Abstract：China has reached a consensus regarding the total control of carbon dioxide (CO2) emissions; however, regional emission inequalities still exist. The reduction of carbon emissions is a public good and indicates a strong positive externality, which is difficult to solve within the market. Such reductions are highly dependent on governmental contributions. Therefore, using the Theil index and the logarithmic mean Divisia index decomposition approach, this paper integrates government expenditure into an analysis framework, investigating the driving factors of emission inequality and the status and changes of China's CO2 emission inequality from 2007 to 2015, attributing emission inequality to disparities in governmental expenditures, energy consumption, and other socioeconomic factors. The empirical results show that imbalances in economic development, population distribution, and energy structure were prerequisites for a regional emission inequality, while disparities in government expenditure also played an important role. Among these factors, disparities in the expenditure structure were the main cause for emission inequality. The findings of this paper provide guidelines for the government to set carbon emission reduction quota and implement reasonable differentiated emission reduction policies.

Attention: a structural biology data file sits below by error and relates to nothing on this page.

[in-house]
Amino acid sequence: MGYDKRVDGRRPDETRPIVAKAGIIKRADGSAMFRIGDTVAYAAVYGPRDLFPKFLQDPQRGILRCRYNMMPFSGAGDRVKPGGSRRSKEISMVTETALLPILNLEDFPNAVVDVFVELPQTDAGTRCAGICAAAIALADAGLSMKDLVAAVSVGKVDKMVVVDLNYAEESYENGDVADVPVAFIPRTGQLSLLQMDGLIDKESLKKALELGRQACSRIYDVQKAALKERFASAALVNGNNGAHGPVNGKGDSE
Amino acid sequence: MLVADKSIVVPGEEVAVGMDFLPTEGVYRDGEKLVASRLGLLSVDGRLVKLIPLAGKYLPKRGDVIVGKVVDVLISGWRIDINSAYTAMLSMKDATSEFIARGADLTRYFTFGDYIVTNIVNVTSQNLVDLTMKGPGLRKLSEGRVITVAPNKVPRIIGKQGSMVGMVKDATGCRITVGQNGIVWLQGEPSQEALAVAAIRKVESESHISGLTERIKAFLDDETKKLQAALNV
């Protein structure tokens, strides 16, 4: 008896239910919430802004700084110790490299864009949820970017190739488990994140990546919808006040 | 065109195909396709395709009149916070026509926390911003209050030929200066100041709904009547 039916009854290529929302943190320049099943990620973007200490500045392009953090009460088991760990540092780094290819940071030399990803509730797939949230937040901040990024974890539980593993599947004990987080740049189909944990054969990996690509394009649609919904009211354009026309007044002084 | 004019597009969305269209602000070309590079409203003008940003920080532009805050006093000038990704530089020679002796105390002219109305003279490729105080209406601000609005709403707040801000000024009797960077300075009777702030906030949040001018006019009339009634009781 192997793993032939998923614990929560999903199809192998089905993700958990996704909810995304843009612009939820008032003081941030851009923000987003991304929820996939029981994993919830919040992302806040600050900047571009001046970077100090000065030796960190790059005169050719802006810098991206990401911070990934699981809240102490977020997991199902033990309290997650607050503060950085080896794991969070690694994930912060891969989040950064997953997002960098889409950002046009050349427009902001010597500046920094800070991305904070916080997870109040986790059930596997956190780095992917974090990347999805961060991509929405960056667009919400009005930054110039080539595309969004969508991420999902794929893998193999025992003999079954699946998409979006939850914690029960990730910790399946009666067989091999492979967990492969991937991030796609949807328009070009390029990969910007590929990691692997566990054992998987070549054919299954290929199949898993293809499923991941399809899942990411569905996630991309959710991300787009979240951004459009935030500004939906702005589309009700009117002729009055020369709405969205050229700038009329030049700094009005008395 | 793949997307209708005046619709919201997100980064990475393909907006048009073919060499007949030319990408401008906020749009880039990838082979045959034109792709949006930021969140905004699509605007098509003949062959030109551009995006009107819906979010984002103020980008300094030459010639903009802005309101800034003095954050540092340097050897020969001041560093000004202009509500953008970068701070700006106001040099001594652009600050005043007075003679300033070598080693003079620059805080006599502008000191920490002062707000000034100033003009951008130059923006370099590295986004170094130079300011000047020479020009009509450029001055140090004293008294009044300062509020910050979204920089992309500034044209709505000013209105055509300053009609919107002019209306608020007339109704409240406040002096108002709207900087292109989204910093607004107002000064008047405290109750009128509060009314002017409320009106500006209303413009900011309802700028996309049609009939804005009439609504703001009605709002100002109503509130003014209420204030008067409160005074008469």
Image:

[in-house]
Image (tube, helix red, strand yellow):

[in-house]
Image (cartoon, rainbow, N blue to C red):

Driving factors of CO2 emission inequality in China: The role of government expenditure. CHINA Economic Review, Volume 64, December 2020, 101545.